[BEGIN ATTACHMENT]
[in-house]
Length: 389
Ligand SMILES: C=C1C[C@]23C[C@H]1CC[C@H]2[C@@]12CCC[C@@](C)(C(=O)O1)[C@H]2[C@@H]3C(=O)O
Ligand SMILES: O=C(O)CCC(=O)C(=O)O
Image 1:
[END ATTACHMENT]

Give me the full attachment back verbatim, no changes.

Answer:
[in-house]
Length: 389
Ligand SMILES: C=C1C[C@]23C[C@H]1CC[C@H]2[C@@]12CCC[C@@](C)(C(=O)O1)[C@H]2[C@@H]3C(=O)O
Ligand SMILES: O=C(O)CCC(=O)C(=O)O
Image 1: